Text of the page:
The president of Blind Veterans UK also made remarks during which he told those assembled that on March 24 of this year, Project Gemini was recognized in the UK with the “Soldiering on Award for 2017” in the International Category. This award, presented in London, acknowledges the outstanding achievements of those who have served their country. It also recognizes individuals and groups who successfully work together with the Armed Forces international community in the United Kingdom with special programs.

At the conclusion of the program, all of the participants marched throughout the medical center with flags, balloons, and signs commemorating national White Cane Day. Following the thirty-minute walk all the veterans were invited to barbecue, and some afternoon entertainment.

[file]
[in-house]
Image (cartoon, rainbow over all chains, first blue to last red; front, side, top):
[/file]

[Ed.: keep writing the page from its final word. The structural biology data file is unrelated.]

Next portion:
The goal of each Project Gemini exchange that has taken place during the past seven years is similar. We all learn from one another and share our experiences in the areas of blind rehabilitation, adaptive technology, recreational sports, and vision research.

The Project Gemini participants spent five days before the White Cane Event beginning with the golf event on Monday. On Tuesday, they visited the famous Gary Sinise Foundation in LA, the Hollywood Walk of Fame, and were hosted for dinner at American Legion Post #43. Wednesday was spent on the water as participants went sailing in Newport Beach with California Inclusive Sailing. Thursday kicked off with a tour of the Maj. Charles R. Soltes Jr. OD VA Blind Rehabilitation Center, followed by an afternoon of blind archery, and a visit to Port Long Beach Police Command Center. Friday sent participants back to the water in the morning before the White Cane Day event as they continued with events at the International Rowing Training Center.

During the Friday morning rowing event, a local television station interviewed Tom Zampieri and one of the Blind Veterans UK members Darren Blanks and discussed the importance of the annual exchanges with Project Gemini. The segment ran on the early evening ABC news affiliate station, and helped raise awareness about BVA programs.